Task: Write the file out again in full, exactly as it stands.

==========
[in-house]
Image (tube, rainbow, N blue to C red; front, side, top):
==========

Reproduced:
[in-house]
Image (tube, rainbow, N blue to C red; front, side, top):